It’s easy to side with disgruntled employees over the perceived injustices of their corporate bond holders. How can you make a case for CEOs using cash as bookmarks while their subordinates count loose change for lunch?
This is particularly true for fighting, which requires manual laborers to not only struggle to make ends meet but get punched in the face while doing it. The latest sweatshop victim appears to be Heath Herring, who told ESPN 1080 in Orlando that he was focusing on acting after relations with the UFC had soured.
"With the way the UFC's pay scale and as much as it costs me to get ready for a fight," Herring told the station, "at the end of the day I made like 40,000 [for Brock Lesnar]…Dana White’s got like six Ferraris. Hell, I just want one.”
$40,000 doesn’t go too far in a vapid economy, and there’s nothing wrong with feeling jilted. But this is the unfortunate reality of prizefighting: it’s an incentive business. If Herring was winning fights, his salary would rise in proportion. Instead, he’s 2-3 since a 2007 debut. Still, $40,000 at a clip of two or three times a year and supplemented by sponsorship dollars and possible bonus tips would likely result in a six-figure income for a mid-tier fighter. In boxing, he’d be washing dishes on the nights he wasn’t tarring roofs.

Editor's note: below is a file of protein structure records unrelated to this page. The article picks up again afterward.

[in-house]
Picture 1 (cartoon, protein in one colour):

There are rewards for supplying structure: in White’s case, six Ferraris. If Herring is dissatisfied with that, he could start his own promotion. Anyone think he’d make $100,000 a year at start-up?
(Alert courtesy Michael David Smith and MMAFighting.com.)